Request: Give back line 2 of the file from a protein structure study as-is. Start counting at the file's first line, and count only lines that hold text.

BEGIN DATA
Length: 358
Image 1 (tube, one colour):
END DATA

Image 1 (tube, one colour):